Imagine that you are strolling through a park on a sunny day, dressed in your nicest clothes for a big occasion. As you walk past people on the trail, you stop at a fountain and suddenly notice a young boy struggling in the water who is clearly in danger of drowning. Others in the park seem oblivious to the situation, and you know you could easily save the child—but at the expense of ruining your clothes. What do you do?
To most, the answer is obvious—you’d step in and save the child without hesitation; the cost of the ruined clothes is trivial compared to the emergency at hand. However, in 1972, the philosopher Peter Singer used this question1 to illustrate something crucial about moral dilemmas, something that also sheds light on how we engage in decision-making when it comes to sustainable and altruistic matters.
The solution to Singer’s drowning child dilemma seems obvious to us for a few reasons: it presents an immediate emergency, it is clear our intervention would resolve the crisis, and it overwhelms us with emotions that spring us into action. Yet the world we live in today presents us with plenty of emergencies that lack these psychological catalysts. For example, donating mosquito nets to prevent malaria should warrant the same moral calculus as ruining clothes to save a drowning child, yet many will never give money to this cause. So what’s going on here?
Our minds struggle with modern abstract issues because our evolved emotional responses stem from the types of problems our early ancestors faced. This is a problem when current emergencies like the climate crisis require us to feel concern for people we don’t know and people who don’t even exist yet.
But we are not helpless. There are steps we can take to make positive responses to abstract problems easier.
The Psychology of Sustainability
To understand how we can better align our behaviors with our values, we can delve into the causes of mental biases in decision-making over issues of sustainability. A study published this year2 from Frontiers in Psychology identified some of the most relevant psychological characteristics of sustainability challenges. Here are the first three:
- Experiential vagueness: Climate change can’t be easily perceived.
- Long-term effects and future risk: Sustainable behavior entails costs for improvements that will come years later (with similar delayed consequences for unsustainable behaviors).
- Complexity and uncertainty: It is difficult to know how much change is necessary and what the true consequences are.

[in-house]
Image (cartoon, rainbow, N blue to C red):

These insights show a deeper psychological basis to Peter Singer’s moral dilemma and shed light on the difficulties we face in aligning our sustainable decisions with our values. What makes these findings even more illuminating is that the remaining challenges are directly related to social factors: the threat to the status quo, fear of losing social status, and group pressure. This suggests that a large portion of our sustainability challenges could be addressed through cultural change. Numerous other studies have also found differences in cultural attitudes3 and sustainable behaviors4, including differences in collectivist cultures (where the group is emphasized over the self) versus individualistic cultures, and materialist versus postmaterialist cultures.
This is great news for us, because it is well within our control to change cultural expectations and bring about more sustainable norms and behaviors in society.
The Power of Culture
As a social species, our thoughts and actions are highly influenced by the cultures we inhabit, and they are shaped by the beliefs and practices of those around us. Most of us have grown used to a culture that encourages waste and overconsumption. It is only recently that many have begun to reject these cultural expectations, not just because they are unsustainable, but also because they lead to inherently unfulfilling lives. This is within our power to change.
We change culture every day: we contribute to the culture of our families, of our communities, and, to some degree, of society as a whole. We write the rules for what is moral, we define what is “normal,” and we influence the behaviors of those around us by the examples we set. Ultimately, by leveraging culture, we can all align our behaviors with our values, overcome psychological barriers, and create a world where sustainability is not just an individual choice, but a collective endeavor.
- Singer P., Famine, Affluence, and Morality (1972)
- Korteling J., et al., Cognitive bias and how to improve sustainable decision making (2023), Frontiers in Psychology
- Sarigöllü E., A Cross-Country Exploration of Environmental Attitudes (2009), Environment and Behavior
- McCarty, J., et al., The Influence of Individualism, Collectivism, and Locus of Control on Environmental Beliefs and Behavior (2001), Journal of Public Policy & Marketing